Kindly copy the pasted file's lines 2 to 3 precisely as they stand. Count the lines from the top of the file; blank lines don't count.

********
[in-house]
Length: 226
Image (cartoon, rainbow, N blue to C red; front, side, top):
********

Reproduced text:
Length: 226
Image (cartoon, rainbow, N blue to C red; front, side, top):